I would like to import my Aperture library to Capture One.
Importing the Aperture library is only supported by Capture One for macOS as Aperture is the macOS-only application created by Apple. Consider that Aperture Library has to be updated to Aperture 3.5.1.
What is imported?
Before you migrate your Aperture libraries into Capture One Pro’s Catalogs, you need to know what Capture One imports, and how to preserve the information Capture One does not import.
Image files and versions
Capture One Pro imports all the images in your Aperture Library as referenced images. If your Aperture Library is “Managed” (the images are stored inside the Aperture Library), you need to relocate the original images to a referenced location outside the Aperture Library before migrating to Capture One Pro. You do not want Capture One Pro to reference images stored inside the Aperture Library package directory. Capture One Pro also imports all the image versions as Capture One variants.
- Aperture Project -> Capture One Project
- Aperture Folder -> Capture One Group
- Aperture Album -> Capture One Album
- Any Aperture Projects which directly contain images have a generic sub-album created in CO to contain the images.
Smart Albums, Books, Light Tables, Slideshows, Web Journals, and Web Pages are not imported.
Aperture local adjustments (brushed-in and brushed-out) are not preserved. You will have to recreate them in Capture One using Layers and Layer Masks, which are far superior to Aperture’s brushing in and brushing out. Each Layer with a Layer Mask can reflect multiple adjustments using almost all of the Capture One Pro adjustment tools. Recreating your local adjustments in Capture One Pro should take less time than it took to create them originally in Aperture.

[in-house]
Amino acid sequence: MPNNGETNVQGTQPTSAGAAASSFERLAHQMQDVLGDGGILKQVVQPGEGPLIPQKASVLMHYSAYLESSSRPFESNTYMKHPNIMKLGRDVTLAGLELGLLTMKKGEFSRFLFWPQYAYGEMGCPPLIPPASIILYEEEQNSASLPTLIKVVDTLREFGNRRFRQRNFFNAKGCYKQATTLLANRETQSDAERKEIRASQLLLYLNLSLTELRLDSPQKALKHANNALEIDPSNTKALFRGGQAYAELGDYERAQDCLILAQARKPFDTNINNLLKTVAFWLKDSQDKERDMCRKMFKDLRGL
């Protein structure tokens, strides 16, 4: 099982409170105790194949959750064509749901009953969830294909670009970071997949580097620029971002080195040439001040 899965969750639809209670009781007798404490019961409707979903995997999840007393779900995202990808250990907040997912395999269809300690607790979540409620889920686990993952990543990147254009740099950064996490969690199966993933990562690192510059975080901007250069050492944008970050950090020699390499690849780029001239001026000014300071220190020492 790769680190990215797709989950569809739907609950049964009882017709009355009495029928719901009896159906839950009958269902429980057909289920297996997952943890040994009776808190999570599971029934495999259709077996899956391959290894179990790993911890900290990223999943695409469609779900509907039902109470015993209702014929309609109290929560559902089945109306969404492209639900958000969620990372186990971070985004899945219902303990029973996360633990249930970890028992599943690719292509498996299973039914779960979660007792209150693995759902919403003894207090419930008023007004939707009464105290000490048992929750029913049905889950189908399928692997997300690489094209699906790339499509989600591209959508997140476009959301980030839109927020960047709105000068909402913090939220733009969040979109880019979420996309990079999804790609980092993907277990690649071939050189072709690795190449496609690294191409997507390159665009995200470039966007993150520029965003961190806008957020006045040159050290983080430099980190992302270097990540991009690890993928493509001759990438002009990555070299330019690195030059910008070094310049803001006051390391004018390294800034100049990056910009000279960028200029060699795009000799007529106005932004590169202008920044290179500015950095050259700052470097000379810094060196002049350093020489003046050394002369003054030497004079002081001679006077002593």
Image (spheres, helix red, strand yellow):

Anyway, here is the list of adjustments that will be imported to Capture One:
- Crop (if not Straightened)
- Black & White
- Enhance/Definition -> Capture One Clarity
- Enhance/Saturation -> Capture One Saturation
- Exposure/Exposure -> Capture One Exposure
- Exposure/Brightness -> Capture One Brightness
- Highlights & Shadows (Mid Contrast ignored)
Everything else is ignored.
- Star Rating
- Color Label (note: Ap Grey becomes Capture One Purple, while purple is imported as pink)
- Applied Keywords (flat, not hierarchical)
- IPTC Core Contact: Creator Name, Job Title, Address, City, State/Province, Postal Code, Country, Telephone, Email, Website
- IPTC Core Content: Headline, Caption, Keywords, IPTC Subject Code, Caption/Description Writer
- IPTC Core Image: Intellectual Genre, IPTC Scene Code, Location, City, State/Province, Country, ISO Country Code
- IPTC Core Status: Title, Job Identifier, Instructions, Provider (Credit Line), Source, Copyright, Usage Terms
Importing Aperture library to Capture One
Relocating your originals to referenced folders outside the library is very important. Capture One does not copy your Aperture originals. It imports your Aperture originals by reference where they currently reside on disk. If your Aperture library is “managed” (I.e. your originals are stored inside the Aperture Library), Capture One will reference them there. If you later delete your Aperture library, you will remove the original files Capture One is referencing. Relocating your originals to referenced folders outside the Aperture Library may take some time if your libraries contain a lot of images. You will need to think through the folder structure you want before relocating them. A good starting point for your referenced folder structure is the organization you use inside your Library. You probably put a great deal of thought into that structure.
As Aperture Library is a catalog, you have to first create a new catalog in Capture One. It is not possible to import Aperture Library to a Session.
Then go to the main menu and select File -> Import Catalog -> Aperture Library.
You can read more about importing Aperture library to Capture One in this blog post - https://blog.captureone.com/migrating-apple-aperture-libraries-to-capture-one-pro/